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Incentives to Misrepresent, Incentives to Reveal, and Incentives to Conceal: Demonstrations of Private Information in International Bargaining
Unformatted Document Text:  Incentives to Misrepresent, Incentives to Reveal, and Incentives to Conceal: Demonstrations of Private Information in International Bargaining Olivier Henripin 1 Department of Political Science Northwestern University ## email not listed ## International Studies Association 2010 Conference New Orleans, LA, 19 February 2010 Work in progress. Please do not cite without author’s permission. Comments are welcome. Abstract This paper argues that the mainstream rationalist literature has too easily dismissed demonstration as a viable communication mechanism during international disputes. In the bargaining model developed herein, the uncertainty of one of the two disputants regarding its likelihood of victory in war can be dispelled by its rival through a costly demonstration of military capabilities before bargaining begins. The bargaining process is represented very simply as an ultimatum game in which the respective role of each disputant as the “challenger” or “defender” is determined randomly. Results show that asymmetric information persists only when the fully informed state is sufficiently confident that it will assume the role of the “defender” and when the military costs of demonstrating capabilities are sufficiently high. More generally, the results also suggest that the canonical understanding of the asymmetric information problem (Fearon 1995) should be amended. In a wide variety of circumstances, incentives to misrepresent do not account for the persistence of private information in conflict bargaining, which results more fundamentally from a complete lack of incentives to reveal private information. More precisely, in the model, a state with no bargaining power (or proposal power), or whose private information concerns only private values (i.e., its value for war) has no incentives at all to reveal this information. The explanatory importance of incentives to misrepresent reappears, however, when a state possesses some bargaining power and has private information about common values (i.e., its military capabilities), but only under the condition that demonstration is too costly or impracticable. 1 The author gratefully acknowledges support from the Social Sciences and Humanities Research Council of Canada (SSHRC) as well as the Department of Political Science and the Graduate School at Northwestern University, and would like to thank Anne Sartori for her thoughtful advice and numerous useful conversations.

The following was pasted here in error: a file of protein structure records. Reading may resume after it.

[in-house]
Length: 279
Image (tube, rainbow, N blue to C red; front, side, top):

Authors: Henripin, Olivier.
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Incentives to Misrepresent, Incentives to Reveal, and Incentives to Conceal: 
Demonstrations of Private Information in International Bargaining
Olivier Henripin
Department of Political Science
Northwestern University
International Studies Association 2010 Conference
New Orleans, LA, 19 February 2010
Work in progress.  Please do not cite without author’s permission.  Comments are welcome.
This paper argues that the mainstream rationalist literature has too easily dismissed 
demonstration as a viable communication mechanism during international disputes. 
In   the   bargaining   model   developed   herein,   the   uncertainty   of   one   of   the   two 
disputants regarding its  likelihood  of victory in war can be dispelled by its  rival 
through a costly demonstration of military capabilities before bargaining begins.  The 
bargaining process is represented very simply as an ultimatum game in which the 
respective role of each disputant as the “challenger”  or “defender” is determined 
randomly.   Results show that asymmetric information persists only when the fully 
informed state is sufficiently confident that it will assume the role of the “defender” 
and when the military costs of demonstrating capabilities are sufficiently high.  More 
generally, the results also suggest that the canonical understanding of the asymmetric 
information   problem   (Fearon   1995)   should   be   amended.     In   a   wide   variety   of 
circumstances, incentives to misrepresent do not account for the persistence of private 
information   in   conflict   bargaining,   which   results   more   fundamentally   from   a 
complete lack of incentives to reveal private information.   More precisely, in the 
model,   a   state   with   no   bargaining   power   (or   proposal   power),   or   whose   private 
information concerns only private values (i.e., its value for war) has no incentives at 
all   to   reveal   this   information.     The   explanatory   importance   of   incentives   to 
misrepresent reappears, however, when a state possesses some bargaining power and 
has private information about common values (i.e., its military capabilities), but only 
under the condition that demonstration is too costly or impracticable.  
 The author gratefully acknowledges support from the Social Sciences and Humanities Research Council of Canada 
(SSHRC) as well as the Department of Political Science and the Graduate School at Northwestern University, and 
would like to thank Anne Sartori for her thoughtful advice and numerous useful conversations.  

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